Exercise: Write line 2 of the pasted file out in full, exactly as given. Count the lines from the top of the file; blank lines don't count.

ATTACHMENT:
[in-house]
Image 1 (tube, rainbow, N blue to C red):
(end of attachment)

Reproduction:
Image 1 (tube, rainbow, N blue to C red):